World First: The healing power of ‘happy fat’
15 March 2011
The ability to initiate muscle regeneration — to enable the body to create healthy, new tissue — is both a scientific and medical holy grail. The clinical applications could dramatically improve the quality of life for people suffering from chronic degenerative diseases. It's this quest that drives Dr. Fabio Rossi, MSFHR 2004 Career Investigator and Canada Research Chair in regenerative medicine, and has led him to several important discoveries including a previously unknown cell that could unlock the process of tissue regeneration.
"Until we started our research, there was no indication of where the cells that made the scar tissue came from," says Rossi. "Our research found cells that were excellent candidates."
These cells — called fibro/adipogenic progenitors (FAPs) — are often filled with fat, and can also make new fat that is embedded in the fibrous tissue. They are present throughout the body. In fact, they are the same cells that make new fat when we gain weight.
"When you gain weight, there are two mechanisms at play — the first is that the existing fat cells become larger, and the second is that the cells make new fat cells," he says. The second mechanism is good; the first is bad. While large fat cells become dysfunctional and lead to disease, small fat cells remain "happy."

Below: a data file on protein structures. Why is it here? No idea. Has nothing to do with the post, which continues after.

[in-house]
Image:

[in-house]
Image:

The level of inflammation that develops in damaged muscle determines whether FAP cells die or multiply. Rossi's team discovered that FAP cells become activated before the muscle-making stem cells and that these two types of cells interact to direct the stem cells' function.
"If everything goes well, the muscle-making stem cells send a signal to the FAPs, which then die," says Rossi. But if the muscle-making stem cells do not have the situation in hand, the signal is not sent, the FAP cells don't die, and they form a fibrous scar.
To translate this information to clinical practice, Rossi is working to determine how the signalling works between the cell types. "We need to really understand how the cells coordinate their actions by talking to each other so that we can modify the messages," he says.
Understanding this cellular talk could lead to the development of therapies that enable humans to regenerate tissue.
"That's the long-term goal — to regulate the process so the scar-making cells don't take over," says Rossi.
Rossi's research on scar tissue and FAP cells is one of many noteworthy achievements of MSFHR Career Investigators identified in a new report that analyses MSFHR's Career Investigator Program and its contribution to building BC's health research capacity.